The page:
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Iso/iec 26300

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Iso/iec 26300

Not to be confused with Open Document Architecture, OpenDoc, or Office Open XML.
"ODF" redirects here. For other uses, see ODF (disambiguation).

OpenDocument Text
Filename extension .odt, .fodt
Internet media type application/vnd.
oasis.opendocument.
text
Uniform Type Identifier org.oasis.
opendocument.text
[1]
UTI conforms to org.oasis-open.opendocument, public.composite-content
Developed by OASIS
Initial release 1 May 2005; 9 years ago (2005-05-01)
Latest release 1.2 / 29 September 2011; 2 years ago (2011-09-29)
Type of format Document file format
Extended from XML
Standard(s) OASIS OpenDocument Format, ISO/IEC 26300:2006
Open format? Yes
Website ISO/IEC
OpenDocument Presentation
Filename extension .odp, .fodp
Internet media type application/vnd.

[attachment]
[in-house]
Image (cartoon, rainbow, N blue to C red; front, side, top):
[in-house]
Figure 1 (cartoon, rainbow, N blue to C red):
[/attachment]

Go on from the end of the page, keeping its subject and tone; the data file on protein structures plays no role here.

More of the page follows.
oasis.opendocument.
presentation
Uniform Type Identifier org.oasis.
opendocument.
presentation
[1]
UTI conforms to org.oasis-open.opendocument, public.composite-content
Developed by OASIS
Initial release May 1, 2005; 9 years ago (2005-05-01)
Latest release 1.2 / 29 September 2011; 2 years ago (2011-09-29)
Type of format Presentation
Extended from XML
Standard(s) OASIS OpenDocument Format, ISO/IEC 26300:2006
Open format? Yes
OpenDocument Spreadsheet
Filename extension .ods, .fods
Internet media type application/vnd.
oasis.opendocument.
spreadsheet
Uniform Type Identifier org.oasis.
opendocument.
spreadsheet
[1]
UTI conforms to org.oasis-open.opendocument, public.composite-content
Developed by OASIS
Initial release May 1, 2005; 9 years ago (2005-05-01)
Latest release 1.2 / 29 September 2011; 2 years ago (2011-09-29)
Type of format Spreadsheet
Extended from XML
Standard(s) OASIS OpenDocument Format, ISO/IEC 26300:2006
Open format? Yes
OpenDocument Graphics
Filename extension .odg, .fodg
Internet media type application/vnd.
oasis.opendocument.
graphics
Uniform Type Identifier org.oasis.
opendocument.
graphics
[1]
UTI conforms to org.oasis-open.opendocument, public.composite-content
Developed by OASIS
Initial release May 1, 2005; 9 years ago (2005-05-01)
Latest release 1.2 / 29 September 2011; 2 years ago (2011-09-29)